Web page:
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This enigmatic painting depicts a view of a sunlit crenellated tower, its fortress-like circular shape dominating the horizon. In the lower third of the canvas, a shadowed square between two looming semi-classical walls frames the tower, the strong lines of perspective creating the sense that the viewer is walking through a dark corridor toward its ominous shape. At center right, an equestrian statue on a white rectangular plinth is depicted in black shadow, casting a long shadow across the plane of sunlit ground. The work is reminiscent of an Italian landscape, yet it also evokes a dreamlike feeling. The objects become hallucinatory, as the statue's shadow at first glance can seem like a nightmarish creature looming in wait for the viewer to emerge from the square. The scene is remarkably empty of figures and of movement, while the discordant perspective and irrational light source create a sense of anxiety. Exemplifying the artist's metaphysical style, in this work, as the artist wrote, "every object has two appearances: one, the current one, which we nearly always see and which is seen by people in general; the other, a spectral or metaphysical appearance beheld only by some individuals in moments of clairvoyance and metaphysical abstraction."
When Guggenheim began collecting art, she trusted her advisors Marcel Duchamp, Howard Putzel, and Herbert Read to teach and guide her on her new quest. Her biographer Anton Gill explains, "Peggy had to be shown the difference between what was Abstract and what was Surrealist and between the 'dream' Surrealism of, for example, Dalí or de Chirico and the 'abstract' Surrealism of, say, André Masson. She was an eager and quick learner, showing a natural affinity and sympathy for what she saw." Guggenheim's early adoption of Surrealism and her exhibition of both abstract and dream Surrealism played an important role in New York City for young artists clamoring to see European art.
In this painting, regular and irregular geometric shapes, as well as more organic forms, depicted in primary colors, are juxtaposed against an off-white trapezoidal plane, which itself sits in a field of inky black. The shapes seem to both float above the plane and to be grounded within it, creating a dynamic spatial relationship. Some of the abstract shapes evoke symbols, like the number 3, whereas others evoke naturalistic associations - a boat, a lance, a piano keyboard, a checkerboard - but are abstracted to non-referentiality and deployed like colored elemental forms to create visual rhythm. The title refers to the white cross within the checkerboard in the upper right, and the shape is echoed throughout the canvas - in two black crosses in the lower center and the cross handle of the lancet shape intersecting a circle at center left - creating a kind of musical point and counterpoint, as the evocative symbol is treated as an abstract shape.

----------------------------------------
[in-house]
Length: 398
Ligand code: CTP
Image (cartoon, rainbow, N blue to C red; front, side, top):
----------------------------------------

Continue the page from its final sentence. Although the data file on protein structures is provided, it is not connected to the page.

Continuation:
The artist called this work reflective of his "cool period" in the early 1920s; here he began to emphasize geometric forms, reflecting both the influence of Malevich's Suprematicism and the Bauhaus where he began teaching in 1922. In 1938, the Guggenheim Jeune held the first solo exhibition of Kandinsky's work in London, largely organized by Kandinsky himself, and White Cross featured prominently in Guggenheim's collection in the following decades.
Marcel Duchamp had sent Guggenheim to meet Kandinsky, and she found the artist "so jolly and charming." According to Guggenheim, when she visited, Kandinsky talked to her about how he felt another artist, Rudolph Bauer, had supplanted him in the eyes of her uncle Solomon, and he begged her to try to convince her uncle to stop patronizing Bauer and start buying his paintings again. When Guggenheim brought the matter to the attention of her uncle's art advisor, Hilla Rebay, Rebay, who was Bauer's lover, rebuked Guggenheim and said they would never buy a painting from her gallery.
This sculpture is a sleek aerodynamic form, evoking a bird in flight, yet devoid of representative details. An embodied arc of light soaring upward, from a slender base conveys unfettered movement. The highly polished surface is luminous, as the artist felt that such attention to the material and its surfaces made the works seem to proceed "out from the mass into some perfect and complete existence." Brancusi insisted that the elemental form was not abstract but revealed "the being that is within matter."
Brancusi showed in the 1913 Armory Show, where he became close friends with Marcel Duchamp, who became a lifelong advocate for his work. John Quinn became an early leading patron of the artists, and the artist later said, "Without the Americans, I could never have produced all that, nor even perhaps have existed."
When Guggenheim visited Brancusi in Paris, she hoped to purchase this work, already famous for the 1927-28 legal debate when the U.S. Customs office refused to classify it as an artwork. She later acknowledged that she had a brief affair with the sculptor, whom she described as "half-God, half-peasant," because she thought he would then sell her the work for less. On the day that the Germans invaded Paris, she visited his studio, where he carried it out in his arms and gave it to her with tears in his eyes, though she said later that she did not know whether they were in response to parting with her or parting with his artwork.